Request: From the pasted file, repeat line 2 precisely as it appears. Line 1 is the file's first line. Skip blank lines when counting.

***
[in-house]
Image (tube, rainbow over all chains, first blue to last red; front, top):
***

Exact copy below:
Image (tube, rainbow over all chains, first blue to last red; front, top):